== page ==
Boulder in summer: Welcoming outdoors

Anybody who thinks of Colorado as just a winter destination ought to go to Boulder and talk to Frank Shorter. Or maybe William Shakespeare.

Shorter can talk about how welcoming this town is to runners like him, even before anybody knew he would become an Olympic marathon gold-medalist. And Shakespeare could talk about how Boulder holds one of the country's oldest festivals of his plays.

Boulder is not in the mountains, and it only gets 50 inches of snow a year - compared to 300 inches in the big ski areas and at Eldora Mountain Resort, about 30 minutes from Boulder. But Boulder is, first and foremost, a place to get outdoors. There are balloon rides, glider rides, trails for bicyclists and joggers everywhere.

There are nearly 300 miles of linked bicycle paths that Shorter - a Boulder resident since 1970 - said are set up in such a way that riders can get anywhere in the city without pulling into traffic on a single street.

Hiking trails abound as well. On trail maps, Boulder's many crisscrossing trails almost make it look like an ant farm.

Despite Boulder's location in the Flatiron foothills of the Rocky Mountains, a lot of the trails are relatively easy - starting with some that run through Chautauqua Park, a National Historic Landmark near downtown, as well as one that loops around Boulder Reservoir.

At Eldorado Canyon State Park, a trail accommodates wheelchairs and baby strollers. Without too much difficulty, hikers can find themselves in the shadow of the red rock cliffs that enclose Eldorado Canyon and South Boulder Creek.

But locals warn that even easy hikes or bike rides may be more difficult than visitors expect because of the altitude. If Denver is the Mile-High City, Boulder is a couple hundred feet higher still. Drink extra water, use sunscreen and take it easy, especially when you first arrive and your body is adjusting to the air.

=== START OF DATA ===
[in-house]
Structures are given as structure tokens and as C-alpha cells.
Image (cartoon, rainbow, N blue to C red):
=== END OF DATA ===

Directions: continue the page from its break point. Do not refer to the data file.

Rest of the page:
Some trails are attached to other attractions. One trail literally starts at the back door of the National Center for Atmospheric Research, designed by architect I.M. Pei. It has a small museum that explains the weather and the center's work.

Boulder is home of the state's flagship university. As one might expect, there are plenty of burger bars, sandwich shops and T-shirt stores. But what might not be expected is that much of it feels more like a quaint village than a rowdy college town, especially in the center of downtown, the Pearl Street Mall. At night, the mall is crowded with people strolling in and out of independent book stores, ice cream parlors, sidewalk cafes and microbreweries (more on them later) while stopping to crowd around street performers.

The city is also home to a number of upscale restaurants well beyond a college student's budget. Some of these eateries have caught the attention of Food & Wine, Wine Spectator, Bon Appetit and other national publications.

Boulder also showcases the performing arts in summer. Chautauqua's calendar includes the Neville Brothers Aug. 16 and Chris Isaak Aug. 8, in addition to silent movies and a "Wizard of Oz" sing-along.

The University of Colorado hosts an annual Colorado Shakespeare Festival. At more than 50 years old, the festival is one of the oldest of its kind. The performances wind up in early to mid-August, but Boulder's craft beer scene is a year-round attraction, with no fewer than 10 microbreweries in the city, according to Dan Rabin, a reporter for Celebrated Beer News.

Not only that, they take it seriously.

The beer scene has even given rise to a new tourist attraction this summer. Consider it an alternative to all those hikes and bike rides - trail hikes and bike roads - or maybe it should be a reward for all that outdoor activity: the Boulder Brew Bus, a pub crawl that takes suds fans from one local brewery to another.